Reading Time: 3 minutes

Canadian and German researchers are teaming up to identify new drug combinations to treat people with obesity and Type 2 diabetes.

The goal is to develop personalized prescriptions that are more effective than single drugs and that can potentially replace more invasive treatments such as bariatric surgery, especially for children.

Andrea Haqq

Andrea Haqq

Qiming Tan

Qiming Tan

“As a pediatric endocrinologist, I can tell you we’re seeing more and more Type 2 diabetes in kids and adolescents, and it seems to be a more aggressive form than adult-onset diabetes, so we do need better therapies to achieve even greater efficacy and degree of weight loss,” says Andrea Haqq, who is also a professor in the Faculty of Medicine & Dentistry and adjunct professor in the Faculty of Agricultural, Life & Environmental Sciences.

The researchers recently published a paper that examines the potential of several drugs that control incretins. These metabolic hormones stimulate the body to produce insulin and use it effectively. They also suppress appetite to control blood sugars and reduce weight.

The researchers conclude that combining the drugs has several advantages, including higher effectiveness in at least some patients and fewer side effects.

“Our group is really focused on synergistic combinations of therapies for obesity and Type 2 diabetes, which are frequent comorbid conditions,” says Haqq.

Even a five percent weight loss is considered clinically meaningful, and patients in some of the combination drug trials are achieving 10 or 15 percent, says Haqq, who is a member of the Alberta Diabetes Institute and the Women and Children’s Health Research Institute.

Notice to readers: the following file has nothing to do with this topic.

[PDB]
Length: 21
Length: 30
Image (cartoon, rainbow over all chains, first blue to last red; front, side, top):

Haqq’s laboratory is collaborating with that of Timo Müller, director of the Institute for Diabetes and Obesity at the Helmholtz Diabetes Center and a researcher with the German Center for Diabetes Research in Münich, Germany.

“Dr. Müller is a basic scientist focused on in vitro or animal models of disease, and I’m a clinician scientist who sees many patients with obesity and diabetes, and works with clinical trials,” Haqq says. “So this collaboration allows us to bridge translational medicine and offer a unique perspective on precision therapy.”

As part of the collaboration with the Müller team, first author Qiming Tan, a PhD candidate in the Faculty of Medicine & Dentistry, will study for a term in Germany and a German student will join Haqq’s lab at the U of A.

5 things every Canadian should know about obesity by Carolyn Shimmin
Successful obesity management requires realistic and sustainable treatment strategies
Rethinking type 2 diabetes by Jan Hux
It’s time to stop blaming individuals for poor eating choices, and move toward community action

Haqq and Tan recommend further research to identify why some individuals respond differently to the drugs. Some racial and ethnic groups bear a disproportionate burden of obesity and Type 2 diabetes, they say, so more participants from these groups are needed in trials. Further studies should also focus on how differences in biological sex affect drug efficacy and safety.

In addition to drug combinations, the researchers are looking for non-pharmacological solutions, such as how adding fibre to a person’s diet can slow weight gain and improve the effectiveness of existing diabetes medications.

The research was funded by the Alberta Diabetes Institute, the International Helmholtz Research School for Diabetes and the Weston Family Foundation. Haqq has been part of unrelated clinical trials for Rhythm Pharmaceuticals and Levo Therapeutics.

| By Gillian Rutherford

Gillian is a reporter with the University of Alberta’s Folio online magazine. The University of Alberta is a Troy Media Editorial Content Provider Partner.

The opinions expressed by our columnists and contributors are theirs alone and do not inherently or expressly reflect the views of our publication.

© Troy Media
Troy Media is an editorial content provider to media outlets and its own hosted community news outlets across Canada.